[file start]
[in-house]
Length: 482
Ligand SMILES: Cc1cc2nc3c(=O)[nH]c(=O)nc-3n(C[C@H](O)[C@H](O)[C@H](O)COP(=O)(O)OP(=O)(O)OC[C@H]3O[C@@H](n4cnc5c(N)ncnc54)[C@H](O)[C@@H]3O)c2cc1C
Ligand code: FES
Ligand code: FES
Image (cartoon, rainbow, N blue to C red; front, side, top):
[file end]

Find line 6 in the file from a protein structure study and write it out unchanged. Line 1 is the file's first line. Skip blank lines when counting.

Image (cartoon, rainbow, N blue to C red; front, side, top):